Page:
What Happened: After a difficult couple years of navigating a boycott in China of Western brands associated with the Better Cotton Initiative (BCI), a non-profit organization that advocates for sustainable cotton production, Adidas is preparing to win back the hearts of Chinese consumers. By next year, the German sportswear giant aims to design at least 30 percent of the clothing it sells in China locally, Adrian Siu, managing director of Adidas Greater China, said earlier this week.
Adidas intends to relocate more of its production and operations from Southeast Asia to China in order to shorten lead times, and grow brand awareness by expanding its portfolio of Chinese athlete ambassadors. This comes after the company’s revenue in Greater China plunged 36 percent year on year in 2022, partly due to a challenging market environment and significant inventory takebacks.
The Jing Take: CEO Bjørn Gulden touched on these goals during the brand’s March earnings call, noting that Adidas had begun signing Chinese athletes in “almost every sport,” including the world’s highest-ranked Chinese male tennis player, Wu Yibing.
According to Gulden, partnering with athletes is a “safer bet” than celebrities from the entertainment industry “because the BCI is still kind of over us, and there’s still no clarity if the celebrities from other areas are really going to go live on social media for brands like us.”
After the Xinjiang cotton controversy broke out in March 2021 — when several brands denounced the use of Xinjiang-produced cotton because of allegations relating to forced labor — Chinese stars rushed to cut ties with global fashion companies. For Adidas, this meant losing major ambassadors like actor Jackson Yee and Cantopop singer Eason Chan.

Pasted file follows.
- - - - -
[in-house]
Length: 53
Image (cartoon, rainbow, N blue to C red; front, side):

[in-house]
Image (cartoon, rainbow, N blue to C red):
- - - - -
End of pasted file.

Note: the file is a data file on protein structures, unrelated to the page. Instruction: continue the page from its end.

Since the incident, Adidas has worked to restore its reputation by forging deeper cultural connections with local consumers. In November 2022, the sportswear giant signed a three-year partnership with the Chinese Literature and Art Foundation to help promote Chinese culture to the rest of the world. It has also tapped local designers such as Melting Sadness to incorporate Chinese cultural elements into its products’ designs, in addition to sponsoring local sports events.
Adidas isn’t the only brand that was embroiled in the issue and is slowly rebuilding its reputation in the mainland. Earlier this month, Burberry appointed its first Chinese ambassador, Chen Kun, in two years, marking a step toward the luxury house’s recovery in the Chinese market, where its sales fell 23 percent year on year in the quarter ended December 2022.
As China’s economy begins to bounce back, recovering lost market share has become a key priority for Adidas. But given the competition from sportswear rivals like Nike, plus a bevy of other challenges to overcome, the company is realistic about 2023, calling it “a transition year to build the base for 2024 and 2025.”
By moving production facilities, designing patriotic clothing, and rebuilding its roster of brand partners, perhaps Adidas can finally turn the page on what has been a particularly difficult chapter.
The Jing Take reports on a piece of the leading news and presents our editorial team’s analysis of the key implications for the luxury industry. In the recurring column, we analyze everything from product drops and mergers to heated debate sprouting on Chinese social media.